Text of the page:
A New Way of Analyzing Object Data from a Nonparametric Viewpoint
Nonparametric Statistics on Manifolds and Their Applications to Object Data Analysis provides one of the first thorough treatments of the theory and methodology for analyzing data on manifolds. It also presents in-depth applications to practical problems arising in a variety of fields, including statistics, medical imaging, computer vision, pattern recognition, and bioinformatics.
The book begins with a survey of illustrative examples of object data before moving to a review of concepts from mathematical statistics, differential geometry, and topology. The authors next describe theory and methods for working on various manifolds, giving a historical perspective of concepts from mathematics and statistics. They then present problems from a wide variety of areas, including diffusion tensor imaging, similarity shape analysis, directional data analysis, and projective shape analysis for machine vision. The book concludes with a discussion of current related research and graduate-level teaching topics as well as considerations related to computational statistics.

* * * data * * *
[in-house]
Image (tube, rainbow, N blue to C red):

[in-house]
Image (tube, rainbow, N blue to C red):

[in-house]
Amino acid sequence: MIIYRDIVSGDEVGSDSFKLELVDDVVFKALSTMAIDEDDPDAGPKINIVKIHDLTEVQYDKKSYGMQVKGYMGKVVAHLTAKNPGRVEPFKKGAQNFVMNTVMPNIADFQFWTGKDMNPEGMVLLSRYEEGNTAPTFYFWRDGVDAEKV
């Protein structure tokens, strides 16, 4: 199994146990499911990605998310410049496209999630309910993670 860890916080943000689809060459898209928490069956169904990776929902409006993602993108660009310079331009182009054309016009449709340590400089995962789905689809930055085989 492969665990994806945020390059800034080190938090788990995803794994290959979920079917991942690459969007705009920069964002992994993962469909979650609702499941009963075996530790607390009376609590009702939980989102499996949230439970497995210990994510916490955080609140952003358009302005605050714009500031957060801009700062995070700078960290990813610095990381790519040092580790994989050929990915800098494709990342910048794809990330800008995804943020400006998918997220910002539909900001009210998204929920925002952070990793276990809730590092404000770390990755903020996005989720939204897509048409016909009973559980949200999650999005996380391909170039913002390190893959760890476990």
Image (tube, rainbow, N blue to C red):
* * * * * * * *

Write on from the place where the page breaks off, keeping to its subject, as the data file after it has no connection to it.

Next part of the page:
Researchers in diverse fields must combine statistical methodology with concepts from projective geometry, differential geometry, and topology to analyze data objects arising from non-Euclidean object spaces. An expert-driven guide to this approach, this book covers the general nonparametric theory for analyzing data on manifolds, methods for working with specific spaces, and extensive applications to practical research problems. These problems show how object data analysis opens a formidable door to the realm of big data analysis.
Nonparametric Statistics on Manifolds. Asymptotic Theory and Nonparametric Bootstrap on Special Manifolds. Applications in Object Data Analysis on Manifolds. Additional Topics.
"… the first extensive book on [this subject] … This book succeeds in unifying the field by bringing in disparate topics, already available in several papers, but not easy to understand, under one roof. … a brilliant and a bold idea by an active researcher, who is now joined in coauthorship by an enthusiastic, hardworking, and talented younger peer. … it exceeds all expectations, in particular regarding the extent to which complex differential geometric notions permeate statistics."
—From the Foreword by Victor Pambuccian, Professor of Mathematics, Arizona State University